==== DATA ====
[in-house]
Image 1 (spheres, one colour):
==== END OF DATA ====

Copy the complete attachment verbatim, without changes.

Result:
[in-house]
Image 1 (spheres, one colour):